Maria Caines Claimant v [1] The Labour Commissioner [2] Attorney General of St. Christopher and Nevis Defendants [ECSC]

JurisdictionCaribbean States
CourtEastern Caribbean Supreme Court
JudgeThomas J
Judgment Date22 Feb 2013
Judgment citation (vLex)[2013] ECSC J0222-3
Docket NumberCLAIM NO. SKBHCV2011/0177
[2013] ECSC J0222-3

EASTERN CARIBBEAN SUPREME COURT

IN THE HIGH COURT OF JUSTICE

CLAIM NO. SKBHCV2011/0177

Between:
Maria Caines
Claimant
and
[1] The Labour Commissioner
[2] The Attorney General of St. Christopher and Nevis
Defendants
1

Thomas J (Ag) This matter is before the court for the assessment of damages payable to the claimant with respect to her action filed against the defendants on 19th July, 2011. This ended with an order of this court for the assessment of damages consequent on the non-appearance of the defendants on the first hearing of the fixed date claim.

Thomas J
2

The background facts are adequately set out in the submissions filed on behalf of the claimant and which the court adopts and reproduces:

  • 1. "In or around March 2010 the Claimant submitted a claim to the First Defendant for severance pay pursuant to the Protection of Employment Act Cap. 18.27.

  • 2. On the 10th day of March 2011 (14 months after application was made) and after receiving no response from the First Defendant, the Claimant made an application for mandamus for the First Defendant to make a decision on the Claimant's severance pay application. The application was set to be heard on 3rd June 2011. On the day before the scheduled hearing of the application, i.e. on the 2nd day of June 2011, the First Defendant made a decision on the Claimant's application for severance pay as contained in/evidenced by the First Defendant's letter to the Claimant's Solicitor. The First Defendant's decision was that the Claimant had been employed with the Four Seasons Resort Estate(s) (Limited) in a contract for the provision of services and accordingly was not eligible for severance pay. No reasons were given for his decision.

  • 3. The Claimant through her Solicitors by letter dated 9th June 2011 to the First Defendant was asked to reconsider his position and to inform the Claimant's Solicitor by 17th June 2011. The First Defendant never responded to this letter.

  • 4. The Claimant applied for and was granted leave to apply for judicial review on 28th June 2011. On 18th July 2011 the Claimant made an application by fixed date claim for a number of orders. inter alia, an order of certiorari to quash the decision of the First Defendant as contained in his letter of 2nd June 2011. This application for judicial review was supported by an affidavit of the Claimant also filed on 18th July 2011.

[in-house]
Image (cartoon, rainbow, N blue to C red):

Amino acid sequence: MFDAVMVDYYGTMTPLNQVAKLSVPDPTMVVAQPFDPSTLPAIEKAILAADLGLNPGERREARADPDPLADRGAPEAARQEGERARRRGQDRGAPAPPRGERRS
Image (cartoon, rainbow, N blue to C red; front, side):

• 5. No defence was filed to the Claimant's claim for judicial review.

  • 6. On the 215t October 2011. the matter came on for first hearing before His Lordship Justice Errol Thomas. The First Defendant was not present and no explanation was offered for his non-appearance before the Court. The Court granted the Claimant's order as prayed. The First Defendant's decision was quashed and the matter was remitted to the First Defendant for his reconsideration".

3

It is important also to reproduce the relief sought by the claimant in her statement of claim:

  • 1. "An order of certiorari to remove into this Honourable Court and to quash the decision of the First-named Defendant the Labour Commissioner. contained in/evidenced by a letter from the First-named Defendant to the 2nd Claimant's Solicitor dated June 2011 whereby the First-named Defendant determined that the Claimant had been employed with the Four Seasons Resort Estate(s) (Limited) in a contract for the provision of services and accordingly was not eligible for severance pay. This decision of the First-named Defendant was in response to the Claimant's Claim for severance payment, submitted to the First-named Defendant in March 2010 consequent upon the termination of the Claimant's employment from Four Seasons Resort Estates Limited.

  • 2. An Order that consequent upon the Order of Certiorari that the matter be remitted to the First-named Defendant and that the First-namedDefendant be ordered to reconsider the Claimant's application for severance pay in accordance with the findings of the Court.

  • 3. Damages including exemplary damages.

  • 4. Such other orders and relief as the Court deems just in the circumstances.

  • 5. That the costs of and occasioned by this be paid by the Defendants".

ISSUE

The issue for determination is the quantum of damages, including exemplary damages that should be awarded to the Claimant with respect to the actions of the First-named Defendant

ISSUE
The Law
4

Part 56 of theCivil Procedure Rule, 2000 provide for the remedies available under an application for judicial review. And Rule 56.8(2) provides that:

"In particular the Court may, on a claim for judicial review or for relief under the Constitution award

  • a) damages;

  • b) restitution; or

  • c) an order for return of property to the claimant of the

    • i. claimant has included in the claim form a claim for any such remedy out of any matter to which the claim for an administrative order relates; or